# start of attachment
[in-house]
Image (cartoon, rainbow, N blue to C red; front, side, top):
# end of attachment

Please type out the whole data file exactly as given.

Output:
[in-house]
Image (cartoon, rainbow, N blue to C red; front, side, top):